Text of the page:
Pages - 454
Published by Scholastic in 2008
Challenges - 100+ and Once Upon A Time
It is books like this one, which make me glad I started blogging. If I had never started blogging I would never have discovered this fantastic book. It is definitely one of the best books I have read this year. So thank you to all the lovely bloggers who raved about it.
I know this book has been reviewed many times, but I feel I have to ramble on about it.
This book is set in a dark alternative near future to our own. America no longer exists as we know it and 13 Districts now cover the parts still habitable after natural disasters had eaten away at much of the country. After these disasters a dark uprising occurred against the Capitol, which resulted in 12 Districts being defeated and one being obliterated. To mark the strength of the Capitol over all the Districts, the Hunger Games were set up to constantly remind the population which area is in charge.
The Hunger Games consist of two children being chosen by drawing their names from a pot, from each district. These children will then go into an arena with all the other children from the other Districts and basically fight for their survival. So twenty four go in and only one child will come out alive and win the game.
Katniss becomes one of those children,when she sacrifices herself to save her younger sister Prim from having to fight for her life. With Peeta, the baker's son, who has been in love with Katniss since he was a child, they head into the arena to fight each other and save their own lives.
This book had a Lord of the Flies feel to it for me. These children fighting for their survival, with no signs of escape being an opportunity. It also reminded me a little of the Running Man with Arnold Schwarzenegger.
Katniss is a very strong female character, who has learnt to take care of herself by hunting and killing with ease, since she had to take care of her family after her father's death. She comes across as the strong one in her relationship with Peeta, who as a baker's son is vulnerable to the wilderness environment.
In an arena designed to kill, some of the victims enjoy an element of comradeship as they help each other to outwit the real killers in the game. Rue, the young girl, who flies through the trees, is so innocent, yet her survival instincts kick in, helping her to stay one step ahead of her pursuers.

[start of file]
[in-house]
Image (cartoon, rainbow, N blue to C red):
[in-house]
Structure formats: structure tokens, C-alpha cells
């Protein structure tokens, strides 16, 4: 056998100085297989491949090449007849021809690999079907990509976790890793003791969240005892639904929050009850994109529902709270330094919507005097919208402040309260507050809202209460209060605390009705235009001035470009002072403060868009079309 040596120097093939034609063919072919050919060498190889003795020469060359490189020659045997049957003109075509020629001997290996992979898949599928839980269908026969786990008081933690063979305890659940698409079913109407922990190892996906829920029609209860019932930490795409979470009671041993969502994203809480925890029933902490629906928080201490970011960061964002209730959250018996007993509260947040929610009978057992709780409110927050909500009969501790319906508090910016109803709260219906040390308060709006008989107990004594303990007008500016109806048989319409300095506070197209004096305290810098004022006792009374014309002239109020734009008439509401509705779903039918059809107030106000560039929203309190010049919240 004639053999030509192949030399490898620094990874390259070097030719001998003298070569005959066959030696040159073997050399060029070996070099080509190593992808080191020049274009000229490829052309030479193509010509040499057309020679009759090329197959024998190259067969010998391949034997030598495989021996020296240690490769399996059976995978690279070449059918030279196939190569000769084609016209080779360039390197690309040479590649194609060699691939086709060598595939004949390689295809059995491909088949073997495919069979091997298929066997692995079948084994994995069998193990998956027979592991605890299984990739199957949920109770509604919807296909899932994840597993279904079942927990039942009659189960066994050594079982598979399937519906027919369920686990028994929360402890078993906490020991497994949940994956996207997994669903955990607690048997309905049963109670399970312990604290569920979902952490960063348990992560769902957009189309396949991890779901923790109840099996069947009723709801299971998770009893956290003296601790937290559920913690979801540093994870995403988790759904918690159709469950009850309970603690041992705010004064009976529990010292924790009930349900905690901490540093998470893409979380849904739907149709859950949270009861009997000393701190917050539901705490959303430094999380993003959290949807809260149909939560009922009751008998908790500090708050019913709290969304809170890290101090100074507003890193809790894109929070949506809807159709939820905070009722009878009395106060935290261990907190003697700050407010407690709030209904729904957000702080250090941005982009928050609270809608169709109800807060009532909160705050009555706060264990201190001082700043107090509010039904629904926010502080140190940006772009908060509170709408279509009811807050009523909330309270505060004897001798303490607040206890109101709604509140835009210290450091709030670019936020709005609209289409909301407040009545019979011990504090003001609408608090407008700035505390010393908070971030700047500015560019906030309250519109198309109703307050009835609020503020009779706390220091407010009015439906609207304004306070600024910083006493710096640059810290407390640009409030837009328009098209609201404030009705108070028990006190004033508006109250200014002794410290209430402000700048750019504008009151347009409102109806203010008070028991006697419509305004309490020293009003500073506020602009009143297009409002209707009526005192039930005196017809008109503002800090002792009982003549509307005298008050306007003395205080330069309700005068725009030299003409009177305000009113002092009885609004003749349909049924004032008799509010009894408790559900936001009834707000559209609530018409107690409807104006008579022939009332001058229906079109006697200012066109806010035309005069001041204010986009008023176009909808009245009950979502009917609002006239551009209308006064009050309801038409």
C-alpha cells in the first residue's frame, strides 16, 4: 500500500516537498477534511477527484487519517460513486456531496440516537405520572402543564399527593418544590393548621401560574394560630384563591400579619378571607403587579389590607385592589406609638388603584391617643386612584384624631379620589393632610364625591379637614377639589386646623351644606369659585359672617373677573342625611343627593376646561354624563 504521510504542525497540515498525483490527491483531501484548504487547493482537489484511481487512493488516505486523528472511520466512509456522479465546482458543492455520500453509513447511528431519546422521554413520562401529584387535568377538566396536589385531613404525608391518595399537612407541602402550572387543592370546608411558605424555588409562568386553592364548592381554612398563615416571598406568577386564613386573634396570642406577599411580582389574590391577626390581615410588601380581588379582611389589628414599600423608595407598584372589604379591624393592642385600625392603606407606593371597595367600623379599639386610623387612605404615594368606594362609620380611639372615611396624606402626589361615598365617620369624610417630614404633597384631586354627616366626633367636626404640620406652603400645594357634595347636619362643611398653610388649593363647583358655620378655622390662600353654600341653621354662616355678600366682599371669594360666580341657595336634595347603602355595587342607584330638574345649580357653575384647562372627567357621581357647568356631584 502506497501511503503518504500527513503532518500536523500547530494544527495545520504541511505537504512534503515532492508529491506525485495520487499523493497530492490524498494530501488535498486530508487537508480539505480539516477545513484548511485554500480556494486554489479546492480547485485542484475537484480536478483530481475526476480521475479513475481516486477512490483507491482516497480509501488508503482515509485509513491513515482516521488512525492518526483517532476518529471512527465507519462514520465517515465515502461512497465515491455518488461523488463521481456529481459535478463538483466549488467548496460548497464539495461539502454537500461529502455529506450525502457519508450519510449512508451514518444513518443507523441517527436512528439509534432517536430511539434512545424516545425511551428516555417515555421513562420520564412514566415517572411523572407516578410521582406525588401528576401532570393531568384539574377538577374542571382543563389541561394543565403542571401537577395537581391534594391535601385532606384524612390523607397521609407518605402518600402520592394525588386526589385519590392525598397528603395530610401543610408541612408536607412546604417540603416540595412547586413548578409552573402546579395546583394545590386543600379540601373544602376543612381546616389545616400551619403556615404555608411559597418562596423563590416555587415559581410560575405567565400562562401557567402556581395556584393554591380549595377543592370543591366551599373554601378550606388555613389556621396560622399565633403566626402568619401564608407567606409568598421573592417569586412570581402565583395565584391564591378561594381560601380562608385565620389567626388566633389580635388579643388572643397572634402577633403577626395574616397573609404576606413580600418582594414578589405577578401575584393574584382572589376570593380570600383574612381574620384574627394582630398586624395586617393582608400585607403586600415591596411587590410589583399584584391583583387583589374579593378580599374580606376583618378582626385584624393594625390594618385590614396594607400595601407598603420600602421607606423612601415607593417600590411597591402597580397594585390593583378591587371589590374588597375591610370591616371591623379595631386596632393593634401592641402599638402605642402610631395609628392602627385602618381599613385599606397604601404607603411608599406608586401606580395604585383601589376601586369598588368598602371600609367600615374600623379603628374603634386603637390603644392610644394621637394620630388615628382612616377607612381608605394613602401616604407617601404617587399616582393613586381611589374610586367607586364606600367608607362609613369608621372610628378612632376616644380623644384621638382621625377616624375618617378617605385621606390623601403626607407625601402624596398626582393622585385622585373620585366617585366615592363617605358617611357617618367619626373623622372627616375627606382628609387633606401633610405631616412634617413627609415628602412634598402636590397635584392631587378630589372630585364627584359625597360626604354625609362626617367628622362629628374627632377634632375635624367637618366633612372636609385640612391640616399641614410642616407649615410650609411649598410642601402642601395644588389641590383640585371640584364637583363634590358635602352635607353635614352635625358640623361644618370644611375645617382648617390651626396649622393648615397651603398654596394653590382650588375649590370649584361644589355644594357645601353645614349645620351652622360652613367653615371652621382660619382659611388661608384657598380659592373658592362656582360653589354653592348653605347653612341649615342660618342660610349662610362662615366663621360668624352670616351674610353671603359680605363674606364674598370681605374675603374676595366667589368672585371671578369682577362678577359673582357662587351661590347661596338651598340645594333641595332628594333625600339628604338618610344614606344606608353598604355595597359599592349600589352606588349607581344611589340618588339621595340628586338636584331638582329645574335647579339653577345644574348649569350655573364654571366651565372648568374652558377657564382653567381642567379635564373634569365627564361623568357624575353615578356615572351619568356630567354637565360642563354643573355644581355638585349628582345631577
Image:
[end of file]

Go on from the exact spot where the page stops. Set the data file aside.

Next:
Even though, to many people, the thought of reading a book about children killing each other would put shivers down their spine, this book is not just about the ruthless televised murders. It is also about friendship, love and caring for other people. Katniss and Peeta do not kill anyone intentionally, they are fully aware of the unfairness of the situation they have been thrown into. The real killers in the book have been trained all their lives to do so and are evil and manipulative from the beginning of the story, so you feel no sympathy when they are killed. Suzanne Collins has been very clever in the way she writes this, so you don't feel like you are supporting the murders of these children, you are reading it to fight for the truth and for right person to leave the arena alive.
This book is full of suspense from the first few pages. From the way it has been written, you feel like you are right behind Katniss in the arena, willing her to survive this atrocious situation. If you don't believe me, then have a look at the first chapter here.
When this book ended, I was desperate to read the next installment and found that I have to wait until September - I am not a happy blogger!
You have to read this book, if you haven't already. It was definitely as good, if not better than City of Bones by Cassandra Clare and I loved that one.